[Avionics Today 11-23-2015] SmartSky Networks, designer of a new 4G LTE Air-to-Ground (ATG) network for the aviation sector, is open to partnering with satellite companies to augment its future connectivity solution. Ryan Stone, president of SmartSky, told Avionics that the perception of needing to have “either/or” is a misnomer, and that where satellite can improve the network it could find a niche.
SmartSky’s booth at the National Business Aviation Association (NBAA) Convention and Exhibition 2015. The tower in the booth represents the size of the spectrum SmartSky is using, 60 MHz. It is roughly 18 feet tall. At that scale, the spectrum currently allocated for ATG in the industry would be about 1 foot tall. Helps visualize the difference. Photo: SmartSky.
“It’s all about the value that you deliver,” he explained. “It’s not just the performance; it’s also about the right price. It’s that combination that we deliver and that is why I think there is a great combination argument to be made for us working with satellite players. They are very complementary; not really as much in competition as everyone would want it to be seen.”
SmartSky is preparing to rollout a its network of 250 ATG towers across the continental United States with intentions of using a large 60 MHz chunk of spectrum to bring In-Flight Connectivity (IFC) on par with the broadband experience in modern residential and business settings. The key to accessing this spectrum is technology that enables frequency reuse so that spectrum already used on the ground can be re-prioritized in the skies for aircraft. SmartSky spent millions of dollars developing this technology, according to Stone, and is confident that it will deliver an unrivaled experience.
“Whether it’s data from the aircraft or a live HD video call, whatever it happens to be, you can generate as much content and get it off the aircraft as fast as you can get it to the aircraft,” he said.
That same spectrum reuse technology would also apply to satellite, Stone added. He said the principal criterion for partnering with satellite companies is to balance pricing and throughput to maximize connectivity for aircraft in their given environment.
“If you can get the least cost per bit, and do it at high speeds, that is what everyone wants. What that means is you need to go with whatever is most efficient. So if I am over a land mass with high traffic, then an ATG network will hands-down be more efficient than a satellite network, but that doesn’t mean that one replaces the other. You need both, and I think you are going to see a lot of both in the coming years. It makes sense not only for geographic spread but also for economics,” said Stone.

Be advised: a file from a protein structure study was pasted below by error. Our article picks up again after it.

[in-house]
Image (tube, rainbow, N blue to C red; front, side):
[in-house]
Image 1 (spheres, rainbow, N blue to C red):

Satellite could help SmartSky to expand internationally as the company grows. Stone said SmartSky has ambitions to grow beyond the U.S., but that this was the ideal starting point. SmartSky has its test sites up and running in Florida, and the remainder of its U.S. ATG sites under construction. Stone expects most of the network rollout to be complete by the end of 2016, with total coverage reached in early 2017.
The company recently announced a partnership with California-based AeroAntenna for two-bladed, electronically steered antennas to go on the underside of aircraft. Stone said, however, that the aircraft antennas currently under development are for the moment only designed to work with ATG.
Stone said a strength of the SmartSky ATG system is that it will be able to conduct beam forming and beam steering to provide dedicated bandwidth pipes to each aircraft. Though spot beams from High Throughput Satellites (HTS) have gotten progressively smaller, Stone said there is still a lot of sharing within those beams. The ATG system will be able to boost experience quality in congested airspace better than satellite, he added.
Stone declined to say what level of speed the SmartSky ATG network will provide, but said the system will have robust bandwidth and latency so low that to human users it will be imperceptible. SmartSky has performed tests with live HD video, which he said demonstrated a clean connection without buffering or delays — something that could also be an issue with satellite. Stone said SmartSky prefers not to quote peak speeds, but instead tells customers they will have a 4G experience.
“Whatever the Mbps is, we say when you are streaming video, go do a speed test and see what the number is. We find that once you are able to do everything that you want to do, the number doesn’t take on as much importance,” he said.
SmartSky is concentrating first on business aviation. The company recently signed Davinci Jets, an aircraft management company, as an early bird customer. Davinci Jets starts outfitting its 13-airplane fleet with SmartSky in 2016. Stone said SmartSky is engaging the airline industry in addition to first adopters within business aviation.